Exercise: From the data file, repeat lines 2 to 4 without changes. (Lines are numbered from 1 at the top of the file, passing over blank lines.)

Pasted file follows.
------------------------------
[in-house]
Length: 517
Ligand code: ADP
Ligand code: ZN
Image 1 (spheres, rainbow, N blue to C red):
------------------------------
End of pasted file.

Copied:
Length: 517
Ligand code: ADP
Ligand code: ZN